Historians may come to see May 13, 2021, as the effective end of the coronavirus pandemic in the U.S. The date isn’t a milestone in a downward trend of deaths or disease. In fact, that week saw about 4,300 Covid-19 deaths, equating to about 225,000 deaths if the rate were maintained over a year. Nor is the date significant because the U.S. reached a particularly high rate of vaccination — about two-thirds of the population are not yet fully vaccinated.
But pandemics don’t end when public health goals are achieved. Instead, historians tell us, pandemics end when a disease has…
The first wave of the coronavirus hit Brazil’s Amazonas state very hard. So many people got sick in the capital Manaus that researchers estimated 70% or more of the population had immunity by fall 2020. This level of population immunity is in the ballpark of what would be needed for herd immunity, and people in Manaus began to feel that their previous ordeal meant that they would not face another surge in infection and death.
Within two days of one another, two late-night talk show hosts addressed the issue of people who haven’t yet gotten the Covid-19 vaccine. The difference between the approaches — and the public health impact — is stark. No, I’m not talking about Tucker Carlson spouting off his anti-vaccine nonsense. I’m talking about two hosts who both thought people should get the vaccine. Except, one did his homework, and one most certainly did not — which possibly ensures that some folks will never get their vaccine given his approach.
The disaster of a performance that damaged public health came from Jimmy…
Let me cut to the chase: Fox News’ Tucker Carlson is spreading dangerous disinformation about the Covid-19 vaccines. Given his long history of questionable and controversial statements, this isn’t surprising. But this time, his falsehoods may cost someone their life.
On a recent episode of his massively popular prime time show, Carlson reported that nearly 4,000 Americans have died after getting vaccinated against Covid-19. On that, he’s right — those statistics are available on the Centers for Disease Control and Prevention’s own website.
The problem is that Carlson didn’t stop at the facts. After insisting he was “only asking questions,”…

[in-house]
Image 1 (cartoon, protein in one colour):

Almost 150 million doses of Covid vaccine have been administered in the United States. Most adults are now at least partially vaccinated, and more and more people are choosing to get vaccinated every day. But some people may be wondering if their second shot is necessary. The answer is yes.
If you got one dose of an mRNA vaccine (Pfizer or Moderna), don’t skip the second dose. Without it, your vaccine-induced protection won’t be as strong or long-lasting. The second dose greatly reinforces the protection your immune system started building after the first shot.
Chandy Bee writes with a plea to acknowledge the pain that the country is experiencing:
From a few weeks before the surge became a full-blown crisis, filmmaker Anand Kamalakar wrote about the challenge of traveling back to the U.S. from India, a situation that is almost certainly harder now than when he wrote this:
Immunologist Rajyalakshmi balaji writes about the Covid-19 variants in India that are likely driving the surge:
Writer and filmmaker Raj Ajay Pandya writes about the callous approach of the Modi government in dealing with the crisis and where its priorities appear to lie:
There’s lots of good news to report on vaccines, but the virus and variants are also gaining ground. Variants are spreading rapidly in the U.S., driving (along with premature re-opening) the fourth surge that’s now underway. Here, I’ll explain why equity is not just about fairness, but essential for pandemic control.
The feared fourth surge is building. CDC reports in its Covid Data Tracker Weekly that cases are up more than 8% nationally over the past week, and test positivity rates have risen slightly, to 5.1%. …
Covid-19 vaccines are incredibly good at preventing severe symptoms and hospitalization, but they’re probably less effective at stopping transmission. To do that, we might need a different kind of vaccine altogether.
Because SARS-CoV-2 is mainly transmitted through droplets and airborne aerosols, some scientists reason that a vaccine should provide first-line protection where the virus typically enters the body — the nose. A Covid-19 vaccine that’s sprayed into the nose may not only prevent people from getting sick in the first place but also stop them from spreading the virus to others.
“When you get Covid-19, you don’t get injected with…
More than a dozen countries have suspended the use of the AstraZeneca vaccine, citing concerns that people who received doses from two batches of the vaccine developed blood clots as a result. On Monday, the World Health Organization urged nations to continue using the vaccine, emphasizing that there is no scientific evidence for a causal link between getting the AstraZeneca shot and blood clots.
“As of today, there is no evidence that the incidents are caused by the vaccine and it is important that vaccination campaigns continue so that we can save lives and stem severe disease from the virus,”…
On March 6, 2020, a panel convened at Harvard’s Kennedy School of Government, where experts discussed their informed gut feelings about the likely course of the SARS-CoV-2 virus. It ended up being the last in-person public event at Harvard, and a few days later, the world was officially experiencing a pandemic.
A year later, on March 5, 2021, the same experts reconvened to look back at 2020 and discuss what their well-informed guts have to say about the rest of 2021. The three panelists were Michael Mina, MD, an epidemiologist at Harvard’s T.H. …
A blog from Medium for Covid-19 news, advice, and commentary.